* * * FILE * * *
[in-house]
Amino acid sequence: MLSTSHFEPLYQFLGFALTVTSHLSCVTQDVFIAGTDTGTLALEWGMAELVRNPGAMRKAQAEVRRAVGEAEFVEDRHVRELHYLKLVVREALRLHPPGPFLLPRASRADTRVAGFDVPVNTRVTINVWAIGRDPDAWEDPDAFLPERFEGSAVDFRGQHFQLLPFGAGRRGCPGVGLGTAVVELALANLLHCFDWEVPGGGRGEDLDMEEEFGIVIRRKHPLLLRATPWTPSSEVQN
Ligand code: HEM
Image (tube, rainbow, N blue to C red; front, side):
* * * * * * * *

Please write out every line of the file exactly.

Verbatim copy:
[in-house]
Amino acid sequence: MLSTSHFEPLYQFLGFALTVTSHLSCVTQDVFIAGTDTGTLALEWGMAELVRNPGAMRKAQAEVRRAVGEAEFVEDRHVRELHYLKLVVREALRLHPPGPFLLPRASRADTRVAGFDVPVNTRVTINVWAIGRDPDAWEDPDAFLPERFEGSAVDFRGQHFQLLPFGAGRRGCPGVGLGTAVVELALANLLHCFDWEVPGGGRGEDLDMEEEFGIVIRRKHPLLLRATPWTPSSEVQN
Ligand code: HEM
Image (tube, rainbow, N blue to C red; front, side):